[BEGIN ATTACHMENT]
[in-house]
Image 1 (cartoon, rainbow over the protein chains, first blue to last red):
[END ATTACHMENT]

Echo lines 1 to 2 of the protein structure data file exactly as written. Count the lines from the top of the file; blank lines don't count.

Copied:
[in-house]
Image 1 (cartoon, rainbow over the protein chains, first blue to last red):